➢ Minimal groups: The basis of intergroup thinking?
What makes us affiliate with social groups? Clearly one answer lies in the rich experiences groups provide, such as those found within groups based on family and friendship. But will we affiliate with groups even when none of these rich experiences are present? An old tradition in adult social psychology suggests that the answer is a resounding yes! Adults placed into randomly created, previously unfamiliar social groups immediately prefer these “minimal” social groups. If children show these same preferences, it might help to explain why they seem so quick to acquire intergroup attitudes and stereotypes.
Work from our lab suggests that children do indeed show these “minimal” group preferences by at least age 3. After being placed into groups based on T-shirt color or other such simple cues, children come to prefer their ingroup, remember more positive behaviors associated with the ingroup, and interpret ambiguous situations in ways that favor the ingroup. Ongoing research explores how these preferences change as more concrete information about the groups is acquired, and how the group representations that form in this way differ from “real” social group memberships, such as those based on race, gender, nationality, and so on.
➢ The cognitive foundations of social hierarchy
While the tendency to prefer social ingroups is widespread, it is not the only factor contributing to social evaluations of groups. Another critical component is the recognition and internalization of social status disparities between groups. How do children encode these status disparities, and how does recognition of social hierarchy affect intergroup attitudes, as well as other inferences about and behavior toward members of social groups? We are particularly interested in how ingroup positivity interacts with social status sensitivity—for example, when an individual belongs to a group that is disadvantaged or socially stigmatized.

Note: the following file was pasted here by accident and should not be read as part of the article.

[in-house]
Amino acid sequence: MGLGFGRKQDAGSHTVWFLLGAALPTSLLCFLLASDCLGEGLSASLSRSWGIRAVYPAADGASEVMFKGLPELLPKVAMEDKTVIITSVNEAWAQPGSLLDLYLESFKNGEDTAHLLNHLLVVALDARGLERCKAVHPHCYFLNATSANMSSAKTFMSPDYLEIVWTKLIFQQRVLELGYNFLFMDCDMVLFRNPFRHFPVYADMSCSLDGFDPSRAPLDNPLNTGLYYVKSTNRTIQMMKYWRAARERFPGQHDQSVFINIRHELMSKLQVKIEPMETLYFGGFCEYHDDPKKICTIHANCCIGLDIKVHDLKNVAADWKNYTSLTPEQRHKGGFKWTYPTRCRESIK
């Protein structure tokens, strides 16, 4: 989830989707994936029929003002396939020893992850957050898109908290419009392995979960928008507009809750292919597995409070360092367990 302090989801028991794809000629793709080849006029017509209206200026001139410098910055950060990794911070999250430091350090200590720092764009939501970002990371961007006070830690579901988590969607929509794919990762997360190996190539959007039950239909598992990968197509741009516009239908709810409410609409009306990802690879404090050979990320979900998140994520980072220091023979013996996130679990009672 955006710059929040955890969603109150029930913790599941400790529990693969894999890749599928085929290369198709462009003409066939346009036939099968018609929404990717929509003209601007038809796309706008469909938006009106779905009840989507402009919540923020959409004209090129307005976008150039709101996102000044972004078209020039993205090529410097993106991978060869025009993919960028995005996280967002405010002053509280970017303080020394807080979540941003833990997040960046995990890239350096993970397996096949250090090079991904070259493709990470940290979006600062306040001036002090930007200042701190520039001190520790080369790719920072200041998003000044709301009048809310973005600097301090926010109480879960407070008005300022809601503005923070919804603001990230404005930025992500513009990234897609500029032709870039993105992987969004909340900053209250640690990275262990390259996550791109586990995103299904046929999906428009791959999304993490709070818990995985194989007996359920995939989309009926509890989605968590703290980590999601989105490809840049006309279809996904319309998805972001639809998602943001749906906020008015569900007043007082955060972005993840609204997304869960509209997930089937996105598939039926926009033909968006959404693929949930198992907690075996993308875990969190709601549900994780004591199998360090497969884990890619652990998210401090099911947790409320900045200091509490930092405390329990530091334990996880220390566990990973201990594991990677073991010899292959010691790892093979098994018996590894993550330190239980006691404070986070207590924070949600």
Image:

➢ Developing conceptions of fairness
From a young age, children prefer equal outcomes to unequal outcomes, particularly when they are disadvantaged by inequality. Perhaps more surprisingly, recent work shows that young children will intervene on behalf of others to ensure that resources are divided equitably, even in cases in which they do not stand to benefit from the resources. However, these apparently strong preferences for fairness are occasionally at odds with children’s unfair behavior.
Our lab is interested in understanding these inconsistencies by examining the factors that influence children’s decisions about when and how to be fair. Some of our recent projects have investigated how real-world social categories (e.g., gender) influence fairness judgments and decisions. We have also asked whether we can artificially manipulate children’s fairness preferences through use of minimal groups. Finally, we are examining the flexibility of fairness norms and fairness norm enforcement. So far, our research suggests that young children are fairly inflexible in their fairness judgments when free to divide resources in any way that they want. However, groups may importantly influence their decisions if an unfair outcome is necessary.
➢ Groups and culture
Most research on children’s group-based reasoning focuses on the United States, and on social groups like race and gender. But different cultures divide the social space in very different ways, and highlight different sorts of group boundaries. Ongoing cross-cultural research explores how children reason about different sorts of groups, such as caste in India, skin color in Brazil, and race/ethnicity in South Africa, Taiwan, and Japan. The hope is that cross-cultural research will reveal what is universal about emerging social cognition as well as what varies across cultures.
➢ The development of social ontology.
Our world is filled with institutions that exist only because we all intend for them to exist: dollar bills are not inherently money, dollar bills are only valuable because we assign dollar bills the status of money in our society. Similarly, many of our social roles (teams we are members of or occupations we fulfill) are not roles we possess inherently, but because we intend to fill them with the consent of our community. Our research explores children’s understanding of how a community’s intentions can create function (e.g., money) and social roles (e.g., group membership). From a young age, children believe that social group membership is based in the mutual intentions of the community: for example, a person is in a group because the person intends to be a group member with the consent of the group. However, children have more difficulty understanding that some human-made objects like dollar bills only function as money because we intend them to be. This insight develops in the elementary school years.